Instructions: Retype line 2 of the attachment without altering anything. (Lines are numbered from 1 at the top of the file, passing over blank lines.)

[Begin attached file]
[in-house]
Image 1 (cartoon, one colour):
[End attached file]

Image 1 (cartoon, one colour):